Brands Need to Join the 21st Century and Tap Into Radio Advertising

The audio market is booming, but it's often considered outdated and irrelevant

Audio strategy is not fully utilized despite the massive audience that still tunes in. - Credit by Getty Images
Headshot of Jateen Parekh

If you put a bunch of advertisers in a room and asked them what they thought of traditional radio, they’d probably say it’s “old school,” “difficult to buy” and/or “on its way out.” Although it is true that advertising has seen a massive digital transformation in the last decade and audio innovation hasn’t entirely kept up with the times, that statement is false.

So how did this myth get started?

At some point in the last couple of decades, the advertising world decided radio was dying. I’m not sure where that idea came from since the numbers show otherwise. Then they started pouring tons of money into web, mobile and video but missed the boat on audio. Fast forward to now where audio is the next big battleground for marketers, but they need to prioritize buying audio in a way that is similar to buying digital.

Until recently, the audio landscape has been riddled with blind spots and the purchasing process has been cumbersome, but that’s no longer an excuse. Things have changed dramatically with the advent of technologies that help advertisers reach the right audiences and provide advertisers full insight and control into how their campaigns are performing.

It’s time to get smart about how you’re doing audio. You can’t afford to ignore it. Let’s start by reviewing basic pointers to help overhaul your audio strategy.

Your ads are reaching the wrong audiences

Can you imagine if you heard an ad for a concert you have no interest in seeing or a business conference that doesn’t match your field? Or what if you hear an ad for a new mobile application only to realize that most of your listeners during that part of the day are baby boomers rather than the millennials who would be more likely to use your service? We’ve all experienced this. Sometimes it’s amusing, but other times it’s downright annoying.

The lesson here is to know your audience. How old are they? Do they skew male or female? Where are they located? What are their lifestyle preferences? You are no longer limited to just basic demographic details, so hone in and get specific.

Targeting can be as granular as DIYers or avid readers, but knowing them is just the first step. You should also feel confident that you are choosing the right time of day to reach the intended audience, the right stations, markets, etc. There is a slew of technologies out there that can help in this phase.

You don’t know if your ad ran

This is basic, but the reality is that many audio advertisers have difficulty confirming whether their ads actually ran. The bigger issue, however, should be knowing how well your campaign or copy is performing. If you’re not receiving real-time insights about your campaign, then you’re simply flying blind.

Radio alone has a broader reach than TV and smartphones, reaching 228.5M adults.

Having visibility into when and where your ads run ensures that you are receiving the airplay that you paid for and gives you the confidence that everything plays within your specifications. In the age of brand safety concerns, this is an important factor to consider. Whether it’s finding your family-friendly brand appearing next to controversial content or discovering that your ad promoting a new television premiere airs after the show began, your reputation is at risk.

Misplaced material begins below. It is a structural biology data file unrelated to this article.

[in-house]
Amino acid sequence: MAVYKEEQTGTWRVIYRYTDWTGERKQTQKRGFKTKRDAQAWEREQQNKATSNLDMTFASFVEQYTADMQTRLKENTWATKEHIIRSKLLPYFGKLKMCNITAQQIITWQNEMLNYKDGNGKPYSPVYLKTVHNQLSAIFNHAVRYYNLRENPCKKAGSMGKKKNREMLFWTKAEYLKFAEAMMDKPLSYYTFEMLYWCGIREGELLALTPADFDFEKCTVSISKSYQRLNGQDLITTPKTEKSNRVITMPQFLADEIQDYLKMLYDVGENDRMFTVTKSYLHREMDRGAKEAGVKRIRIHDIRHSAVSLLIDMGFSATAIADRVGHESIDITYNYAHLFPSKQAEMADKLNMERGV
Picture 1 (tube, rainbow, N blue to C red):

In response to brand safety concerns, advertisers should expect transparency and actionable analytics. This is important because it allows you to monitor true campaign success and make more informed decisions in the future.

Your ads fall flat

The audio medium is an entirely different paradigm than digital or video. There is no screen and therefore no visuals, which means you have to choose your words carefully. Ad copy must be creative, concise and have a clear call to action if you want to engage people.

The first rule is don’t be boring. Tone is everything. Keep in mind that audio elicits an emotional response—positive and negative feelings—which makes it both powerful and challenging. Knowing your audience is important here. For example, you don’t want to feature a bombastic ad for a local car dealer on the classical music station. That would just be off.

Second, don’t be too wordy. While there are industry standards for audio ad efficacy, I still hear ads that are either too long or short for their intended purpose. For example, a 10- to 15-second ad is good if you want to deliver a simple message for brand recognition, not for a think piece.

Lastly, have a call to action. The worst ads leave you wondering what you just heard. Is the goal to get customers to the nearest exit and head for your store? Then offer a compelling promotion. Is the point to get people to buy your book? Then tell a story and create intrigue, but don’t reveal too much. You get the point.

Ultimately you need to shift your mindset. Audio is a goldmine, and it’s only growing with the proliferation of streaming and rise of voice-enabled devices. Audio is the only medium that reaches consumers wherever they are—at home, in the car, at the office or on-the-go. Paired with the right data and insights, it holds a lot of power.

So, what are you waiting for? Get your agency in line with this thinking, map out a plan to connect with your audience, get bold and creative with your copy and find the right technology partner to bring you into the 21st century.


Jateen Parekh is the chief technical officer and co-founder of Jelli.
Publish date: March 30, 2018 https://stage.adweek.com/brand-marketing/brands-need-to-join-the-21st-century-and-tap-into-radio-advertising/ © 2020 Adweek, LLC. - All Rights Reserved and NOT FOR REPRINT
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